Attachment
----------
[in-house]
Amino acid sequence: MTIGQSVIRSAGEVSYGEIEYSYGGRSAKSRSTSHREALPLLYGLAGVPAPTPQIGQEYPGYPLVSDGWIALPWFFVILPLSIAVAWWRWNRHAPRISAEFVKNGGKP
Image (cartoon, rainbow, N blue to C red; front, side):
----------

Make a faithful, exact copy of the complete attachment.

[in-house]
Amino acid sequence: MTIGQSVIRSAGEVSYGEIEYSYGGRSAKSRSTSHREALPLLYGLAGVPAPTPQIGQEYPGYPLVSDGWIALPWFFVILPLSIAVAWWRWNRHAPRISAEFVKNGGKP
Image (cartoon, rainbow, N blue to C red; front, side):